In 1982 the Los Angeles Memorial Coliseum received another NFL team, when the Oakland Raiders moved to Los Angeles to became the Los Angeles Raiders. Davis, the team owner, relocated there with the disapproval of NFL commissioner Pete Rozellehis or fellow owners. The major factor for Davis move to the Coliseum—despite its flaws as a football team—was his opinion that the NFL would eventually approve pay-per-view tele Deacon casts for its games.

Such a move would potentially give the Raiders a virtual TV monopoly in Los Angeles, which was the nation second-largest TV market. Davis also managed to persuade the Los Angeles Coliseum Commission to renovate the stadium, particularly by installing scores of luxury boxes.

The Raiders continued to replicate the success they had in Oakland after the move south, by winning Super Bowl XVIII in January 1984—which at that time was the only Super Bowl-winning team under the city of Los Angeles until 2022—and reaching height such as AFC Championship Game after the 1990 season.

However, the team had a controversial reputation off the field, as its silver and black colors became associated with Los Angeles notorious street gangs. More importantly, the Los Angeles Coliseum Commission never gave Davis the lucrative package of amenities he was promised. The NFL’s broadcast contracts also never implemented the pay-per-view. Additionally, owing to concerns about the area around Exposition Park and the Raiders’ difficulty in selling out tickets for their home games, they received television blackouts in Los Angeles.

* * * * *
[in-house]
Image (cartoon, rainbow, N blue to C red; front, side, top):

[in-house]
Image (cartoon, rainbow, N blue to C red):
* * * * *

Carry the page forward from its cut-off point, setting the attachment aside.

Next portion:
Frequently Asked Questions

Which Football Team Was First in Los Angeles?

The Rams were the first team in the NFL to play in Los Angeles (Los Angeles Buccaneers were strictly a road team in the 1926), but the Rams were not the only professional football team to play on the Los Angeles’ Coliseum between 1946 and 1949.

Why Did the Los Angeles Rams Move to Los Angeles?

After a poor attendance at home games and poor on-field performance, on January 17, 1995, Los Angeles Rams management announces the team will move to St. Louis.

Did the Rams Ever Win a Superbowl for Los Angeles?

Yes, based in the Greater Los Angeles area, one Super Bowl (2000), and the Rams have won two NFL championships (1945 and 1951). The Los Angeles Rams is American professional gridiron football franchise that plays in the National Football Conference (NFC) of the National Football League (NFL). 

How Did the Name Raides Came to Be?

The Oakland Raiders were originally going to be called the “Oakland Señors” after the name finish first in a  name-the-team contest, but was was eventually change to the Raiders.

The Final Word

Currently, Los Angeles is the home to Los Angeles Rams and the Los Angeles Chargers which are both powerhouse of the NFL. Both team announced their intention to return to Los Angeles (but The Raiders moved to Las Vegas) in January 2017. Both teams now share the SoFi Stadium in Inglewood, which opened in 2020.

Reference 1: Sports in Los Angeles – Wikipedia